Artist Feature: ARAE by Rachael Levine - Shibori & Textiles Artist of Denver, Colorado

Artist Feature: ARAE by Rachael Levine - Shibori & Textiles Artist of Denver, Colorado

Meet Rachael Levine, a textiles artist with a focus on Shibori and fabric dyeing:


I met this bad ass babe on a group trip to Lake Powell! She's not only a talented artist, but also down-to-earth and adventurous. We both moved here from out of state and love connecting over our transition to Colorado and the different fashion that comes with moving further West. AKA never hearing of the Chaco sandal till moving out here. 


Holiday Artisan Gift Box Featured Artist 


I’m excited to see where our friendship will take us along with selling her beautiful silk Shibori dyed Fiesta Scrunchies. These scrunchies will be featured in our first holiday artisan gift box you can order this November 2021! Learn more about the launch of the holiday GB. 


About ARAE


Under her ARAE brand (pronounced like the word “array”), she works with different kinds of silk and cotton gauze to create her various styles of Kimonos, scarves, and tops. She also works with boiled wool, which she Shibori dyes, then cuts and sews into soft accessories such as gloves, scarves, and hats. 


ARAE is sold in many independently owned boutiques and museum shops across the US as well as handmade shows, and online with large retailers such as Artful Home, Uncommon Goods, and Free People. Rachael loves creating pieces of wearable art that allow her customers to express their own creative styles with every wear.


Rachael's Creative Process


What is your inspiration while you're creating or where do you get your inspiration?

"I find inspiration through meditating, taking breaks, traveling, being in nature and out in the world with people. It's very broad but things just come to me when I'm living my life, not usually while I'm working." 


What's your favorite song or type of music to jam to while creating?

"Anything upbeat, I listen to a huge range of music from Disco to Latin and any podcast with a good story behind it."


Anything you'd like to share about your creative process?

"People often put Shibori in a box and think it's exclusively Indigo dyeing on cotton. Shibori is actually the Japanese word for a variety of ways of embellishing textiles by shaping cloth and securing it before dyeing. The word comes from the verb root shiboru, "to wring, squeeze, press."


- Rachael Levine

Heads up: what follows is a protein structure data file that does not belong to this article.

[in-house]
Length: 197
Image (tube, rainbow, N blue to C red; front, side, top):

Ethical & Sustainable Practices in Denver, Colorado 

Rachael creates each garment and accessory through a process of hand dying, cutting, and sewing. She has a small team of in-studio help for larger production orders. She designs with close consideration to fabric waste, thoughtfully cutting out each piece to limit the amount of fabric left over. Keeping production local and being as sustainable as possible is a high priority for ARAE.


The fabric that is not used in our collection (waste from cutting) is kept and separated by size and color for limited Zero Waste releases such as: Scrunchies, Braided Headbands, and even our Shimmy style. Pieces too small to incorporate are used as stuffing for pillows or given away to other artists.


Unique Desert Dye Process


ARAE is located in the high desert of Colorado, which this means taking advantage of the dry air and hot sun all year long. All of ARAE's silk and wool is hang dried outside by the natural sun and air. This must make for a beautiful back-yard display! 


Shop to Support Art Garage Denver


Get your hands on these beautiful eco-friendly scrunchies available in our holiday artisan gift box while supporting the Art Garage of Denver. This is a local nonprofit whose mission is to offer arts-based programs that inspire, empower and promote creative self-expression by people of all ages and backgrounds. On-site studio workshops and exhibitions engage the greater Denver community and outreach is provided to those who are under-served, at-risk and for people with disabilities to ensure the artistic process is fully accessible and inclusive for all.


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